This article will delve into the business challenges and processes of strategic importance in an executive decision plan for the financial services sector and will discuss the data analytics related to those processes in an integrated fashion to ensure better decisioning.
A challenging business environment, more red tape around risk and compliance, the growing importance of strong governance structure, more demanding customers and maintaining efficiency and productivity are some top-of-mind headaches for executives in the financial services industry. For better decision-making, data analysis is a prerequisite. Data analytics should have historic views, but also should include predictive analytics. In this article, I attempt to clarify the process analytics that are of extreme importance to executives, which should be presented in an integrated manner.
In a globally distributed business scenario, financial services executives currently have internally and externally challenges; both are of equal importance to the overall solidity of the organization. Internally, the governance, risk and compliance (GRC) issue is of prime importance to the business and its industry reputation. Externally, customer-focused processes will be the number one priority area for CXOs observations. The crux of the analysis should be to understand why these processes should be observed and analyzed in an integrated manner, rather than taking a siloed approach. I will now briefly look at those processes.
Globalization, fierce competition and technological innovation are some of the factors that have made customer servicing of prime importance. Todays customer is more informed, risk savvy, more demanding and expects better return with top-class service. To satisfy the new brigade of clients, service providers should not only have good existing relations, but they also should have amenities, insight, predictability and infrastructure to improve them. There should be data analysis in place for customer expectations, existing relations, history, market offerings, risk and, the biggest one, customer relationship management.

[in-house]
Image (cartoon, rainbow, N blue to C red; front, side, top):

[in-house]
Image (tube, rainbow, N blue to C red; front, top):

Governance, Risk and Compliance (GRC)
SOX demands more executive oversight of internal controls, risk assessment and management and regulatory compliance. This has given rise to top management prioritizing these processes to be streamlined. GRC analytics are strategic in nature, and key long-term decisions will always be guided by the GRC health report of the organization. This is of paramount significance because financial services will always be under regulatory observation to gauge their behavior internally and externally in market. The enterprise GRC matters more than a segregated view.
Innovation is key in the financial services business, especially when organizational reach spreads to geographies. Globalization and surges in emerging markets have produced more demanding customers who are no longer happy with run-of-the-mill offerings and search for service providers who can provide more customized products. In this highly complex environment, it is important for organizations to keep tabs on existing product/service status, customer expectations and churn. A detailed and data intensive analysis of market offerings is critical for organizational growth and executive decision-making.
Technology Pervasiveness and Outcome
Technology is the differentiator in every business decision in the financial services industry. Greater process automation has assisted in reaching a larger customer base and also improving the service availability. This large-scale dependency on technology in each process has resulted in massive IT budget allocation and subsequent challenges to administer the IT governance. The turning point is to analyze the return on these IT investments in business lines, products/services, compliance/risk, data management, etc. Executive knowledge of these parameters is necessary, considering the burgeoning IT investment and in defining the future technology roadmap.
If you closely observe the above parameters, each is addressing an ingredient of strategic importance, greater shareholder value creation and enhanced investor confidence. Thats where the decision-maker would be keen to have parameters analyzed cohesively in an integrated manner. Subsequent sections will delve further into their interdependencies during strategic decision-making and the need for an integrated data analytics structure for them.